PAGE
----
Saturday, August 6, 2011

38 Killed In Afghan Helicopter Crash, Including at least 20 US Navy SEALS

A US military helicopter carrying American and Afghan soldiers was reportedly shot down by Taliban fire on Saturday, with all 38 on board killed. The helicopter was on a nighttime mission in the Wardak province west of Kabul when it was said to have been struck by a RPG and crashed.

Among those killed in the crash were members of the Navy's SEAL Team 6, although officials stated none of the men who participated on the May raid of Osama Bin Laden's Pakistani compound were aboard the chopper.

One current and one former U.S. official said that the dead included 25 Navy SEALs from SEAL Team Six, the unit that carried out the raid in Pakistan in May that killed bin Laden. They were being flown by a crew of the 160th Special Operations Aviation Regiment. Both officials spoke on condition of anonymity because families are still being notified.

A total number of 38 people died in the crash, killing 7 Afghans and one interpreter.

The death toll would surpass the worst single day loss of life for the U.S.-led coalition in Afghanistan since the war began in 2001 -- the June 28, 2005 downing of a military helicopter in eastern Kunar province. In that incident, 16 Navy SEALs and Army special operations troops were killed when their craft was shot down while on a mission to rescue four SEALs under attack by the Taliban. Three of the SEALs being rescued were also killed and the fourth wounded. It was the highest one-day death toll for the Navy Special Warfare personnel since World War II.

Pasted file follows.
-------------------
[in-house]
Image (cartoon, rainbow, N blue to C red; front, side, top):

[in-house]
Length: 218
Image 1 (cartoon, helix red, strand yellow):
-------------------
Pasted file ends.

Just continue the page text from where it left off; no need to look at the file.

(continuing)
NATO confirmed the overnight crash took place and that there "was enemy activity in the area." But it said it was still investigating the cause and conducting a recovery operation at the site. It did not release details or casualty figures.

"We are in the process of accessing the facts," said U.S. Air Force Capt. Justin Brockhoff, a NATO spokesman.

With its steep mountain ranges, providing shelter for militants armed with rocket-propelled grenade launchers, eastern Afghanistan is hazardous terrain for military aircraft. Large, slow-moving air transport carriers like the CH-47 Chinook are particularly vulnerable, often forced to ease their way through sheer valleys where insurgents can achieve more level lines of fire from mountainsides.
Thinking back to the Bin Laden raid, not even a full day afterwards, I had expressed concerns that trade secrets would be given away in the euphoria and afterglow of the operation's success- and I know I can't be the only one. I'm hoping this isn't the case, but in this epoch of wikileaks and state secrets frequently showing up in the front page of the New York Times, one can't be too sure.

I really and truly am at a loss for words over the loss the Navy Special Warfare family and the US Military in general has just suffered.

And So It Goes in Shreveport is reporting that at least two of the casualties identified on Saturday are from the northwestern Louisiana city.

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